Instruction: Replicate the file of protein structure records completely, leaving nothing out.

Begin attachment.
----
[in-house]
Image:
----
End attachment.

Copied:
[in-house]
Image: